Most of us, I suspect, have been brought up with the King James Version and, even if we don’t take the religious bit on board, the language still resonates and carries far more force than the modernised version.

  21. Good to see you, Deborah and a Happy New Year.

    I fear Boadicea is quite right; we are a bunch of reactionaries!

    I’m on the side of the King James Version,; it’s the one I grew up with and I don’t like these attempts at modernisation at all.

    I love old churches too, and dislike most, but not all modern churches.

    That said, I can understand your point about accessibility and interesting that your church is well attended, and attracts the youngsters, whilst most of them, including my local parish church are almost empty.

  22. “bad choice of words” – there are for example some obscure passages in the Old Testament where I am told the KJV has “dragons” supposedly living in the desert.

    Of course if you’re used to the KJV, you like it. I don’t dispute that, and I’m not suggesting that you shouldn’t read it. My point was that, for those UNfamiliar with it, it can obscure rather than enlighten.

  23. I can only reiterate what Christopher and Sheona have said: “it is high time that children were taught to read properly and to raise their expectations.”

    Charles Dickens published his works in serial form well before there was compulsory, universal education – they were a huge success. Now, his works are deemed ‘too hard’ for the general population to read and understand. It’s appalling to think that, despite all the money being spent on education, the majority of people are more ‘illiterate’ than they were 150 years ago.

  24. As Karl Marx observed, “Die Religion … ist das Opium des Volkes”.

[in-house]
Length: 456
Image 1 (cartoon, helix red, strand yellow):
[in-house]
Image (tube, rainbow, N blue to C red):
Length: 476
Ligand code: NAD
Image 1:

Allow me to reinterpret into the modern common vernacular – “This Jesus bloke gets ya’ high, like, innit”.

    Main-line today! Become a junkie of The Lord! Hallelujah!

  25. Deborah: you brought up something which I think would require further investigation.
    In Taiwan students must pass written exams on literature to enter university. The lingua franca of that lovely land is a distinct dialect of Mandarin Chinese. The literature is, for the most part, Chinese. Students are expected to be able to work through written works dating back to the Han and even the Chou dynasties. While it is annotated, it is still in the original Chinese. Although it isn’t always easy, they are still able to do it. In Germany students are required to read the works of Walther von der Vogelweide, a German poet whose life pre-dated that of Chaucer by well over a century. Speaking only from my own experience it is often difficult, but with some effort it is possible. The point being is that it is possible, with some work, to become familiar with even the more difficult aspects of a language. It is a matter of application and learning. In my spare time I study Japanese and have hired the services of a professor to aid me in the learning of the written language — especially the Kanji, or the Chinese characters used in the Japanese language. As part of my studies I learn the traditional characters if there was a simplified one introduced after the post-war reforms. Even that is not especially difficult. It is simply a matter of approaching the issue on a step-by-step level rather than as a whole.